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Pricing and consumer protection

Retail pricing

What rules govern retail pricing for telecoms services?

As a general principle, under Article 13 of the Electronic Communications Act operators are free to determine their price tariffs subject to the general principles laid out in:

  • Article 14 of the act;
  • the provisions of the relevant legislation; and
  • the regulations of the Information and Communication Technologies Authority (ICTA).

By contrast, the ICTA is entitled to:

  • establish the methods for approval, monitoring and inspection of the tariffs for operators with significant market power; and
  • to set the lower and upper limits for their tariffs.

Operators with significant market power are also subject to certain obligations and requirements with regard to their tariffs under the Tariffs Regulation, which is based on the Electronic Communications Act. Accordingly, operators with significant market power must set their tariffs on a cost basis and notify the ICTA of their tariffs before they are implemented. The ICTA is entitled to grant the approval of tariffs on the basis of both costs and the lower and upper limits that it has set.

Consumer contracts

What rules govern consumer service contracts?

Consumer contracts are governed by the Regulation on Consumer Rights in Electronic Communication Sector (the Consumer Rights Regulation), adopted on the basis of the Electronic Communications Act. The Consumer Rights Regulation regulates:

  • consumers’ rights regarding electronic communication services;
  • the obligations of the operators; and
  • the execution of:
  • subscription agreements;
  • tariffs;
  • special offers; and
  • value-added electronic communication services.

The Consumer Rights Regulation provides that operators must provide consumers with detailed information concerning, among other things:

  • the scope of the services provided;
  • the terms and conditions for such services;
  • the tariffs and packages; and
  • the consumer complaint mechanisms.

In this respect, subscription agreements for electronic communication services can be executed through wet signature or on online platforms using secure electronic signatures; the contractual terms that are significantly disadvantageous for subscribers will be deemed to be unwritten.

Disclosure requirements

Are telecoms service providers bound by any consumer disclosure requirements?

Under the Consumer Rights Regulation, operators must provide consumers with detailed information regarding the services provided, including:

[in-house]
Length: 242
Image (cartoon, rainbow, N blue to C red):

• the name, trade name and address of the operator;
  • a description and scope of:
    • the services;
    • the general terms and conditions;
    • the tariffs and package information; and
    • any types of tax included within such tariffs;
  • the conditions relating to:
    • the undertakings;
    • information regarding repair; and
    • maintenance services; and
  • a description of consumer dispute resolution methods.


Issues and concerns

Are there any particular competition issues or concerns in the domestic telecoms market?

Despite the privatisation of Türk Telekom and the liberalisation of the telecoms market, local operators have voiced serious concern regarding the continuing significant market power of Türk Telekom. The Information and Communication Technologies Authority (ICTA) has imposed certain obligations on Türk Telekom within the scope of its powers regarding operators with significant market power. However, local market participants believe that the competitive conditions in the market are limited due to:

  • Türk Telekom’s controlling rights over the majority of the infrastructure in Turkey;
  • the high level of costs arising from the installation of new infrastructures; and
  • administrative difficulties.

Sector-specific regulation

Do any sector-specific competition regulatory/legal provisions apply (eg, special conditions for dominant telecoms market players)?

Operators with significant market power are subject to certain obligations and requirements under the Electronic Communications Act and secondary regulations, including:

  • the Right-of-Way Regulation;
  • the Tariffs Regulation; and
  • the Market Analysis Regulation.

The ICTA has imposed certain obligations, particularly on operators with significant market power, regarding among others:

  • accounting separation;
  • tariffs and access; and
  • interconnection.

The main principles and procedures with respect to the maintenance of effective competition in the electronic communication sector are set forth in the Market Analysis Regulation. Thus, under the regulation the ICTA is entitled to impose obligations and restrictions on operators with significant market power regarding:

  • the granting of access and interconnection;
  • transparency;
  • non-discrimination;
  • the publication of reference access and interconnection proposals;
  • account separation;
  • tariff control;
  • cost accounting;
  • the provision of minimum line group service;
  • co-location; and
  • facility sharing.


Are there any requirements for structural, functional or accounting separation of operators’ activities?

Under the Electronic Communications Act and the relevant secondary regulations, operators are not subject to any structural or functional separation obligations. In addition, although the applicable legislation does not impose a general accounting separation, Article 21 of the Electronic Communication Act states that operators with significant market power may be obligated to undertake accounting separation and the ICTA has the power to impose such an obligation.

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